The Williams Lab studies chemical sensitivity during development and the role of transcription factors (called the “Nrf” family) in that response. We are particularly interested in how low levels of environmental chemicals can disrupt developmental process and lead to disease. We use the zebrafish (Danio rerio) model because they rapidly develop as transparent embryos and share upwards of 80% of their genome with humans. The evolutionary conservation between humans and zebrafish helps facilitate the extrapolation of results in our lab to human health.
Sensitivity to toxicants is often enhanced during embryonic development, when exposure to low levels of chemicals can disrupt developmental processes and lead to abnormalities, disease, or death. Many chemicals elicit embryotoxic effects by perturbing the cellular redox state through the generation of reactive oxygen species (ROS). Embryo sensitivity to oxidative stress may involve lower levels of basal and inducible antioxidant defenses as compared to adults, although the mechanism is not well understood. In adult vertebrates, the response to oxidative stress is mediated through a family of CNC-bZIP transcription factors, referred to as the NRFs. Inducible by pro-oxidants, NRFs transcriptionally regulate the expression of genes whose protein products (and byproducts) quench excess ROS and mediate the detoxification of the cell. Much attention has been paid to two members of the NRF family, NRF1 and NRF2, as regulators of the response. However, recent discoveries revolving around a third member, NFE2, have identified a novel role for this protein in the response. This proposal seeks to build on these findings, using a multi-disciplinary approach, to elucidate windows of susceptibility to pro-oxidants during development and identify the role of Nfe2 in mediating the oxidative stress response. Zebrafish are an ideal model to study these interactions because of their rapid and external development as transparent embryos, the availability of extensive genomic and molecular tools, and the conservation of developmental signaling pathways with humans, which can facilitate the extrapolation of results. Through two aims, and a multidisciplinary approach, this research seeks to understand differential sensitivity of embryos to structurally diverse pro-oxidants and the molecular mechanism of action. This research will provide a novel detailed and mechanistic understanding of the role of Nfe2 in the oxidative stress response. It will determine the importance of this response during the most sensitive life stage, the embryo, and provide a better understanding of how molecular signaling can protect embryos from potentially embryotoxic events and later life consequences following toxicant exposure.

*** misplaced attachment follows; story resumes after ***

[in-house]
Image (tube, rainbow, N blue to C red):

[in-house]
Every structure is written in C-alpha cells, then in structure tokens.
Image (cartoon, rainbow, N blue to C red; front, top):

Relevance of Research
Many common environmental chemicals can pose a risk to human health and are associated with later reproductive problems, cancer, asthma, and metabolic disorders, especially if exposures occur during the prenatal and perinatal periods. Many of these problems arise due to the generation of oxidative stress. The goal of this research is to use zebrafish embryos to identify stages of early development that are susceptible to chemical exposure and determine the molecular mechanisms underlying these phenotypic outcomes.